James Forman was born October 4, 1928 in Chicago, spending time when he was not in school with his grandparents in Marshall County, Mississippi. He graduated with honors from Englewood High School in 1947 and after a semester at a community college joined the Air Force, serving in Okinawa. He then enrolled at the University of Southern California but after being arrested outside the campus library on suspicion of robbery and being beaten while in custody he returned to Chicago. In 1954 he enrolled in Chicago's Roosevelt University, graduating in three years. He began attending graduate school at Boston University, but after being inspired by the court-ordered integration of Central High acquired press credentials from the Chicago Defender in 1958 and went to Little Rock, where as his obituary in the Washington Post stated, he "filed a few stories, worked on a social-protest novel and looked for opportunities to organize mass protests in the South."

Such an opportunity came through the Student Nonviolent Coordinating Committee, and by 1961 Forman had been named Executive Secretary of SNCC under Chairman John Lewis. His skill at organizing and directing voter registration volunteers, as well as handling administrative details, publicity, and fundraising, were what Eleanor Holmes Norton called an "organizational miracle in holding together a loose band of nonviolent revolutionaries who simply wanted to act together to eliminate racial discrimination and terror." SNCC became one of the "Big Five" civil rights groups, along with the older National Association for the Advancement of Colored People, National Urban League, Congress of Racial Equality, and Southern Christian Leadership Convention. Forman took part in organizing the August 1963 March on Washington and was responsible for rewriting Lewis's speech to make it less inflammatory. The next year he led a group of 10 SNCC members in a visit to Guinea.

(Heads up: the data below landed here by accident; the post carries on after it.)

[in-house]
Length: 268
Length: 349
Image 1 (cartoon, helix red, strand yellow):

As SNCC became more militant, in 1966 Lewis and Forman were replaced in office by Stokely Carmichael and Ruby Doris Robinson. Forman helped negotiate the brief merger between SNCC and the Black Panther Party, and for a time took part in Panther leadership, serving as Minister of Foreign Affairs and Director of Political Education. In 1969 he participated in the Black Economic Development Conference in Detroit, culminating in the "Black Manifesto" calling for $500,000,000 in reparations.

Forman continued to write and participate in the civil rights movement. In 1980 he earned a master's degree in African American History from Cornell University, and in 1982 a PhD from the Institute for Policy Studies Union of Experimental Colleges and Universities. He taught at American University and campaigned for statehood for the District of Columbia. He died January 10, 2005 at the age of 76. His son, James Forman, Jr is a professor at the Yale Law School.

Monday, October 3, 2011

Timothy Thomas Fortune